Masters of invention look to Asia

Esther Han
Inspired by Asia: (Left to right) Ross Lusted, Phil Wood and Ben Greeno have all been nominated for Chef of the Year at ...
Inspired by Asia: (Left to right) Ross Lusted, Phil Wood and Ben Greeno have all been nominated for Chef of the Year at the Good Food Guide Awards. Photo: Wolter Peeters

If the cooking styles of Sydney's best chefs are anything to go by, Asian flavours have firmly won over Australian palates.

From Phil Wood's lobster congee at Rockpool on George, to Ross Lusted's raw wagyu with robata-smoked enoki mushroom at The Bridge Room, top chefs are reinventing standard Australian fare one Asian ingredient at a time.

Wood and Lusted, along with head chefs Dan Hong at Mr Wong, Martin Benn at Sepia, and Ben Greeno at Momofuku Seiobo, are bound by their fondness for the complex flavours of Asia, and now by their nominations for Chef of the Year at the Good Food Guide Awards on September 2.

"They all have inquiring minds, a contemporary touch, a light hand and adroit technique, and all call upon Asian influences to various degrees," said Terry Durack, the chief restaurant reviewer of the Good Food Guide.

"There's a general loosening up as our top chefs realise they don't have to follow anyone's rules any more,'' Durack said. ''That may have a Japanese influence, or be straight off a charcoal grill, or be a refined version of street food. But it's more honest, more direct, and infinitely more enjoyable.''

Joanna Savill, editor of the guide, said the keen adoption of Asian flavours and techniques by top chefs showed Sydney dining was heading in a new direction.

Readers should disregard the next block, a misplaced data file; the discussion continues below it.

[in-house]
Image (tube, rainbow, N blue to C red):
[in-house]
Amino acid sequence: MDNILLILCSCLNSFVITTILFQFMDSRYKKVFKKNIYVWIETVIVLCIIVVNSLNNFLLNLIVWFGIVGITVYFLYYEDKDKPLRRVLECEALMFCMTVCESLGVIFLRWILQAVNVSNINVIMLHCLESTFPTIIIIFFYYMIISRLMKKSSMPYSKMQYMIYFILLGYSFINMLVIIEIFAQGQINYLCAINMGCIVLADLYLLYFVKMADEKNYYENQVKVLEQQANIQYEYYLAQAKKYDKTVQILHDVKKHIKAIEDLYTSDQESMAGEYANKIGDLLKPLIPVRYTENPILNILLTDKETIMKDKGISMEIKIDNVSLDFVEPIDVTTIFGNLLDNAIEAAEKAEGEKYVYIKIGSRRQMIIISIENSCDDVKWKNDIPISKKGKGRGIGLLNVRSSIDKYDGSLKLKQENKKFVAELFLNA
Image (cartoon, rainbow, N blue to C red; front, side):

Hong exuded easy familiarity with Cantonese classics through to modern Asian fusion, while Benn revealed his mastery of the charcoal yakitori grill, during the reviewing season.

''It's about the seasonings too. The use of hoisin and miso, soy and chilli, fermentation techniques with kimchi and pickles plus the aromatics of south-east Asia,'' Savill said.

Two of the finalists are lieutenants to the industry's most influential identities, here and overseas. Greeno works under David Chang, the Korean-American creator of Momofuku restaurants.


''But he [Greeno] is the one implementing the vision on a nightly basis and adding his own creative flair," Savill said.

''Phil works for Neil Perry, but he's been able to take Neil's vision, particularly with Asian influences, and turn that into something uniquely Australian."

Standing around the Momofuku Seiobo bar before dinner service, Greeno, Lusted and Wood shared a sense of surprise by their nominations.

"When I was told, I was thinking: For me? Are you sure? Do you want to speak with David?" recalled Greeno. "I feel like I'm really young, just starting out."

Wood echoed his sentiments. "I've been in the industry for 10 years but I feel like I'm just at the beginning.''

Lusted launched The Bridge Room three years ago after working overseas in hotel development. "I did a lot of travelling, and ate more street level than fine dining, each time thinking about what I could incorporate in a restaurant I would run."